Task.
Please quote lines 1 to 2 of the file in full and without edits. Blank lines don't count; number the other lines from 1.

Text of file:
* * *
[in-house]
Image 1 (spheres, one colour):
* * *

[in-house]
Image 1 (spheres, one colour):